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The Museum of Contemporary Art Chicago opens 'I Was Raised on the Internet'
Harm van den Dorpel, Assemblage (‘About’ press and reviews), 2012. Courtesy of the artist.

CHICAGO.- This summer, the Museum of Contemporary Art Chicago presents the landmark exhibition I Was Raised on the Internet, an immersive and participatory show examining the impact of the internet and how it has changed the way we experience the world. With nearly 100 interactive artworks from 1998 to the present, I Was Raised on the Internet spans photography, painting, sculpture, film and video, as well as emerging technologies, interactive computer works, and virtual reality. The exhibition presents a global range of artists working in new media such as Oculus Rift and platforms like Facebook and Snapchat, looking at culture and 'trending' content and how interacting with the world has shifted through constant exchange on the internet. I Was Raised on the Internet runs from June 23 to October 14, 2018 and is supported by a lead grant from the Carl & Marilynn Thoma Art Foundation.

I Was Raised on the Internet examines the influence of gaming and entertainment, as well as social media and smart phones, on everyday life. Taking 1998 as a starting point, the exhibition decodes a generation of artists and viewers who have come to speak a unique vocabulary that has emerged with the new millennium. In addition to the idea of a millennial, the exhibition explores terms such as 'post-internet' and 'post-digital,' used by artists to imply a new, instant culture. Throughout the exhibition, the viewer becomes an active agent, engaging in new forms of technology and participating with the works both in the galleries and the digital works hosted online.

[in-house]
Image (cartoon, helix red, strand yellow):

Highlights of the show include a series of photographs from artist Amalia Ulman's four-month Instagram project Excellences & Perfections, examining the influence of social media on attitudes toward the female body; an immersive, glowing matrix-like space by Hito Steyerl called Factory of the Sun; a hub connected to a private network by MacArthur genius grantee Trevor Paglen, called Autonomy Cube, in which visitors can surf the web anonymously; and a sculpture and video installation by Simon Denny that critiques the politics of cyptocurrencies, including bitcoin, and the economics of the internet.

The exhibition also features prominent commissions from some of the most important artists working with art and technology today.

• DIS is a New York-based collective whose commission explores the group's focus on 'edutainment,' such as the popular TED-style video content. The main element is a new film, displayed as an immersive environment of screens.

• Christopher Kulendran Thomas's installation builds on his previous films exploring Microsoft and Amazon. His new commissioned film centers on the electric car company Tesla, featuring both original and appropriated footage.